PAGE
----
Teens with autism spectrum disorder often exhibit sexual behaviors in public that are disturbing to parents, teachers, and peers. Some have proposed that such behaviors can be curtailed with hormonal suppression. There is information on the Internet suggesting that such medications work, and some reports in the peer-reviewed medical literature support these claims. Such medications can have serious side effects. In this paper, we present a case in which parents requested such treatment of their teenage son with autism spectrum disorder.
- ASD —
- Autism spectrum disorder
- ID —
- intellectual disability
- LH —
- luteinizing hormone
- LHRH —
- luteinizing hormone releasing hormone
- SSRI —
- selective serotonin reuptake inhibitor
Teens with autism spectrum disorder (ASD) often exhibit sexual behaviors in public that are disturbing to parents, teachers, and peers. Some have proposed that such behaviors can be curtailed with hormonal suppression. In this month’s Ethics Rounds, we present a case in which parents request such treatment from a pediatric endocrinologist. We then asked experts in pediatric endocrinology and developmental pediatrics to comment on the appropriate response to such a request.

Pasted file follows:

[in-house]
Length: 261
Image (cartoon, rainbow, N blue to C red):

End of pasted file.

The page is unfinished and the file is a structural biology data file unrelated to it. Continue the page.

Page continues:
The mother of a 12-year-old male, Brad, makes an appointment in the pediatric endocrinology department because her son has been exhibiting inappropriate sexual behaviors (public exposure, masturbation, and inappropriate touching of his younger siblings). Brad has been diagnosed with ASD. He has cognitive impairment and is currently in school at the kindergarten grade level. He cannot read. He is able to communicate and follow simple directions. His parents are now afraid to leave him unattended with younger children because of his sexual behaviors.
Brad sees a psychiatrist who has tried behavioral therapy as well as medication (olanzapine and fluoxetine). These have been ineffective in reducing Brad’s sexual behaviors. His parents have done research on the Internet and found reports that hormonal therapy to suppress luteinizing hormone (LH) and testosterone levels can decrease inappropriate sexual behaviors in cognitively impaired teens.
On examination, he is in mid-puberty. Gonadotropins and testosterone level show evidence of central puberty and are consistent with this exam. Bone age is 1 year greater than chronological age but within normal limits. Therefore, although his pubertal onset was earlier than average, there is no evidence of endocrine pathology.